The subset of cases Huang et al studied contained 47 polyps, including 13 (28%) pedunculated and 34 (72%) nonpedunculated (33 sessile, one flat). Two polyps (1.0 and 4.2 cm) were cancerous, 38 were adenomatous, five were hyperplastic and two were benign, the group noted.
All subjects underwent VC following cathartic cleansing and self-administered colonic insufflation with room air, and same-day conventional colonoscopy to confirm the presence of VC-detected polyps.
In each case the tenia omentalis (TO), the most readily visible of the three teniae coli on a well-distended colonic surface, was manually extracted from the cecum to the descending colon, using software developed in-house. The researchers performed 3D visualization using proprietary software (V3D Colon, Viatronix, Stony Brook, NY).
By virtually dissecting and flattening the colon along the TO, the authors developed a localization system involving 12 grid lines to estimate the circumferential position of polyps, the authors wrote.
"The TO points were selected from the cecum through the descending colon only, because the teniae coli become difficult to distinguish anatomically in the sigmoid colon," they explained. "The manual extraction generally takes 10 to 15 minutes per colonic surface. The shortest path (graph geodesic) through the TO points was then calculated and drawn on the surface by the software."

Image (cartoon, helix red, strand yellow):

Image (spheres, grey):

Teniae coli and minor grid lines on anterior (above) and posterior (below) views of the 3D CT colonographic surface. The TO (solid arrows), TL (dashed arrow), and TM (arrowheads) were mapped from a 2D sheet back to the 3D surface. Figures 3a and 3b republished with permission of the Radiological Society of North America from Adam Huang, Dave A. Roy, Ronald M. Summers, Marek Franaszek, Nicholas Petrick, J. Richard Choi, and Perry J. Pickhardt, "Teniae Coli-based Circumferential Localization System for CT Colonography: Feasibility Study" Radiology 2007; 243: 551-560.
Based on the location of the extracted TO, the software inferred the positions of the other two teniae coli, the tenia libera (TL) and tenia mesocolica (TM), assuming the latter two muscles were equidistant from the TO.
From the extracted TO "we derived a centerline of the unflattened colon as the average 3D position of the teniae coli," Huang et al wrote. "From the centerline and the TO, we defined a local coordinate system by letting the tangent of the centerline be the z direction and the vector pointing to the TO to be the y direction."
The synchronous navigation system prototype was based on side-by-side VC view panels for prone and supine datasets, and applied to all datasets. "For each polyp, a signed circumferential position difference between scans was computed by subtracting the supine scan position of the polyp from the prone scan position," the team wrote.